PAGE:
Somehow I am finishing a bunch of books at once so I have to pace my reviews. XD
I actually own Red Rising but I checked it out from my local library a few weeks ago in audiobook format so I could listen to it in my car. Seriously, listening to audiobooks while driving in my car is one of the best decisions I’ve ever made. I find it incredibly fun to listen to what the narrator brings to the story.
The final book in this trilogy, Morning Star, released a few months ago so I thought it was finally time to read the series. I’ve also heard such great things about this book so I thought I’d hop on the bandwagon! 🙂
Title: Red Rising
Author: Pierce Brown
Publisher: Del Ray (Random House)
Release date: January 28th, 2014
Length: 382 pages (hardcover)
Genre: Young adult, science fiction, dystopian, action/adventure
Synopsis: (from Goodreads) “Darrow is a Red, a member of the lowest caste in the color-coded society of the future. Like his fellow Reds, he works all day, believing that he and his people are making the surface of Mars livable for future generations.
Yet he spends his life willingly, knowing that his blood and sweat will one day result in a better world for his children.
But Darrow and his kind have been betrayed. Soon he discovers that humanity already reached the surface generations ago. Vast cities and sprawling parks spread across the planet. Darrow—and Reds like him—are nothing more than slaves to a decadent ruling class.
Inspired by a longing for justice, and driven by the memory of lost love, Darrow sacrifices everything to infiltrate the legendary Institute, a proving ground for the dominant Gold caste, where the next generation of humanity’s overlords struggle for power. He will be forced to compete for his life and the very future of civilization against the best and most brutal of Society’s ruling class. There, he will stop at nothing to bring down his enemies… even if it means he has to become one of them to do so.”
My rating: 3.5/5 stars
I’m so glad I listened to this audiobook. Like I said, I actually own a physical copy but lately, I haven’t had a super large amount of time to read so audiobook, ftw! 🙂 The audiobook narrator is Tim Gerard Reynolds. He does a fantastic job narrating, giving life to each of the characters in their own way.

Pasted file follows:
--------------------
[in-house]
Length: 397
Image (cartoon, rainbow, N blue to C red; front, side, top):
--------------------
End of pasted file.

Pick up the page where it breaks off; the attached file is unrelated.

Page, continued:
I’m not the biggest fan of science fiction but I’ve seen this book around the #bookstagram community and the raving reviews for it that I thought, “Why not?” Normally, that might sound like a bad idea and I was afraid I would experience the dreaded “over-hyped book” syndrome, but this was truly a great beginning to an epic story.
One of the elements I really loved is the Roman/Greek mythology aspect of it. Each of the characters hail from a particular “house.” Darrow, the main character of this story, is from the planet Mars, and he, along with other Reds, are “prepping” the planet to be habitable by others. When he’s caught in a place he shouldn’t be, things spiral downward quickly. Darrow loses many things precious to him but his eyes are open and he realizes he’s been living in the ignorance and darkness.
Darrow’s entire makeover from a lowly Red to a high Gold is ridiculously brutal yet so fascinating. Everything about the process is just so far behind my mind. He literally becomes a different person in everything but his mind. Then his journey, the gritty war with the other houses is both interesting yet… I found myself so bored at some points, lol. It’s strategic and military so sometimes I found myself tuning out but at the same time, it’s gritty and intense!
I had trouble defining the passage of time and that bothered me a bit because it’s not mere months passing by in this story, I want to say it’s years. I could be wrong. Someone correct me if I am.
I really liked Cassius but I knew that what Darrow did would be a sharp turn in their friendship. I was hoping it came later rather than sooner.
I put the 2nd book, Golden Son, on hold at the library so I’ll pick that up whenever it’s ready! From here on out, I’m thrilled to see how Darrow will accomplish his plan and purpose and that of the other revolutionaries.
Have you read this? What did you think?